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FLANAGAN - Jeff Sprouse admits he is a very impatient person.

"I like to do things in a fast way. I always have," said the seventh-year Flanagan High School girls basketball coach.

"That's just the way I'm wired. I just don't like standing back waiting for things to happen."

That explains why his Falcons have played an up-tempo, full-court pressing style during their 28-3 season, which continues at 6:30 p.m. Friday in the Class A state tournament quarterfinals against No. 10-state ranked Spring Valley Hall (29-3) at Redbird Arena.

To play the Sprouse Way, a team needs to be deep with interchangeable parts, with players who can run and jump like deer.

It just so happens the Flanagan roster is packed with track and volleyball stars, who make Sprouse feel he has eight starters.

"It doesn't happen very often," said Sprouse of his team's depth. "That's one thing we worked on last year. We had to develop it last year with all the injuries we had. That's the thing at a small school you don't always have."

With an enrollment of 179, Flanagan is the smallest school in the Elite Eight. The next smallest with 232 is No. 3-ranked Okawville (27-7), the highest ranked team left.

Sprouse has fostered depth by focusing on the fundamentals one might teach a junior high team.

"Things we work on all the time are dribbling and passing because every kid needs to be (an all-around) basketball player," he said. "We spend 15 minutes dribbling and 20 minutes shooting every night. It's basic junior high stuff."

In Flanagan's 48-42 super-sectional upset of No. 9 St. Joseph-Ogden on Monday, almost every Falcon had to bring the ball up court at some point.

"When you get that type of pressure, that's the type of thing that's huge," Sprouse said.

Most often, the ball is brought up by 5-foot-7 senior point guard Brittany Leonard, who leads the Pantagraph area with 5.6 assists and 4.8 steals per game while averaging 15.6 points.

"She is an awesome ballplayer," said 6-1 junior center Megan Laughlin, who adds 10.8 points, 7.6 rebounds and 6.4 blocks. "She knows what needs to get done and she does it. She is always there for everyone else."

Leonard believes every Falcon can rely on the others.

"We are very unselfish," she said. "We just naturally play together. We rely on other people. That's where the unselfishness comes in. We can rely on each other and we don't think we have to do everything on our own."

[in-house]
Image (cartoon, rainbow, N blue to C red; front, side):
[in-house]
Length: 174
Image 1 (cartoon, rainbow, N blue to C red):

Such comments are music to the ears of Sprouse, whose other job is as a swine consultant.

The thing he likes most about Leonard is her competitive attitude, but that is also the worst thing, according to assistant coach Brad Harmon.

"You can't reel her back in," Harmon said.

But Sprouse has seen her change in that respect.

"She learned this year about sharing the wealth," he said. "She has done a fantastic job of that. That really was the main key to making this team go was her passing ability, setting her team up for the assist."

Among those helping turn assists into points is 6-foot Southern Illinois volleyball recruit Kelsie Laughlin, who averages 11.2 points and 6.8 rebounds.

Kelsie Laughlin has played in 18 of her team's 31 games. She missed nine because of a knee injury and four because she also plays club volleyball.

Her sister, Megan, has also missed four games because of volleyball. It's a team rule that if you elect to miss a game, you have to sit out the next game.

"We just don't jell (without the Laughlins)," said Harmon, who works as a swine health representative. "When they are gone, it takes a few games to get it back."

Both Laughlins were absent when the Falcons lost to Central Catholic. Other losses came against No. 6-state ranked Williamsville and IVC.

"They have their priorities and volleyball is obviously theirs so we just try to work around it," said sophomore guard Anna Jones (8.1 ppg).

The Laughlins missed Sunday's team walk-through because of volleyball.

"I'm sure everybody has their own personal opinions about it, but we just knew if we wanted to get where we need to, we couldn't let that affect the way we played," Leonard said.

Megan Laughlin is expected to join her sister in the Division I college volleyball ranks.

"Volleyball has always come first, but we love basketball," Kelsie said. "We've been playing it since we were little."

Other starters are Caitlyn Jones (5.7 ppg) and Meganne Forney (4.3 ppg). The Joneses and their basketball-playing brother, Dan, are triplets.

"The Joneses are two outstanding sophomores who have stepped up this year and just played outstanding," Leonard said. "I rely on them a lot because when we need speed, they are right there next to you. They are tough girls.

"Meganne Forney is just an outstanding defensive player. She always has a good attitude. She's fun to play with."

Liz Hillman (5.0 ppg) and Amanda Bohm (3.1 ppg) also play a lot. Hillman has a team-high 38 3-pointers.

Sprouse is sure Anna Jones, Bohm and Hillman could start for many other teams. But they are needed at Flanagan to play their impatient coach's frenetic style.

"We play four quarters and we run for all four quarters," he said. "It pains them in the last minute and a half to run that (stalling) weave out front because it's too slow for them."

It's also too slow for their coach, who can hardly wait.

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